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Foot Ankle Int. 2012 Feb;33(2):92-8. doi: 10.3113/FAI.2012.0092.

Correlation of weightbearing radiographs and stability of stress positive ankle fractures.

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UCLA-Harbor Medical Center, Orthopedic Surgery, Torrance, CA 90509, USA.



A positive external rotation stress test has been used as an indication for operative treatment of fractures of the lateral malleolus. The objective of the current study was to ascertain the results of a protocol initially treating stress positive ankle fractures nonoperatively and utilizing weightbearing radiographs in surgical decision making.


We performed a prospective study of lateral malleolar fractures with an associated medial ligamentous injury. All patients with fractures of the lateral malleolus with medial sided symptoms and/or signs, and an intact ankle mortise underwent an external rotation stress test to confirm injury to the deltoid ligament (stress positive). Patients with a positive stress test were placed in a short-leg walking cast and seen in 7 days where weightbearing radiographs of the ankle were obtained. If the radiographs demonstrated an intact mortise, then nonoperative treatment was continued. If the weightbearing radiographs demonstrated medial clear space widening, then the patient was offered operative treatment to restore the congruency of the ankle mortise. Patients were assessed for conversion to operative treatment, complications, and functional outcome. Thirty-eight patients were enrolled in the study. Using Lauge-Hansen classification 36 (95%) were stress positive supination-external rotation fractures and 2 (5%) were stress positive pronation-external rotation fractures. Followup assessment was performed at a minimum of 6 months and averaged 12 months.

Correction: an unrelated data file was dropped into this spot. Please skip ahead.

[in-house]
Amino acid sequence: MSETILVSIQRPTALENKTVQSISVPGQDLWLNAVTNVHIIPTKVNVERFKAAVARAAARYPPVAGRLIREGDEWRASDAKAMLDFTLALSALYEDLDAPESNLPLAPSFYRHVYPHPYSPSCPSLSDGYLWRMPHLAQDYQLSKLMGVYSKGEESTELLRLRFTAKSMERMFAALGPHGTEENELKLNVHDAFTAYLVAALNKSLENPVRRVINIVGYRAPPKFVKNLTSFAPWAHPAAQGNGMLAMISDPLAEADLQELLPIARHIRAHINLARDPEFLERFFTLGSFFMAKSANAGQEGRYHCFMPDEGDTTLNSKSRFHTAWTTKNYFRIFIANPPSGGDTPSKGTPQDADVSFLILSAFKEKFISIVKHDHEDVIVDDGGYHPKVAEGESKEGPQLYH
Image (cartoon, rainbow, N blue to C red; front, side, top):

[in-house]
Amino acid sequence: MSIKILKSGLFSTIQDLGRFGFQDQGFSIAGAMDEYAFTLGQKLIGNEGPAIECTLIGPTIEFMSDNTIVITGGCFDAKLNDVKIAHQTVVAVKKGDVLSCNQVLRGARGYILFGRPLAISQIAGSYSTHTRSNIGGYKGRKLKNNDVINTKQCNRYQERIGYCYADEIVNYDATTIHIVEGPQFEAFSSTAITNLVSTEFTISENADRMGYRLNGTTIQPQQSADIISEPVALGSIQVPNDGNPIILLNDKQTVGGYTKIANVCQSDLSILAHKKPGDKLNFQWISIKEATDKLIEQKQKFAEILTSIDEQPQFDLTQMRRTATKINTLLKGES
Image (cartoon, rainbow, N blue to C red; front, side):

Weightbearing radiographs at the first post-injury clinic visit had an average medial clear space of 2.9 ±0.9 mm. Three (8%) patients met our criteria for medial clear space widening and underwent operative treatment. Of these three patients, two were pronation-external rotation fracture patterns. Therefore, 3% of the supination-external rotation IV fractures, and all of the pronation-external III/IV rotation fractures ultimately required operative treatment. At final followup, the average AOFAS hindfoot score was 92 ±8.1.


Ligamentous supination-external rotation Stage IV fractures with an intact mortise on static radiographs can be initially treated nonoperatively. Weightbearing radiographs should be utilized to assess congruency of the ankle mortise during an early post-injury visit. Utilizing this approach, a significant number of surgeries were avoided, and good to excellent results were obtained. From our early experience, nonoperative treatment of pronation-external rotation III/IV injuries using this protocol is not recommended.

[Indexed for MEDLINE]

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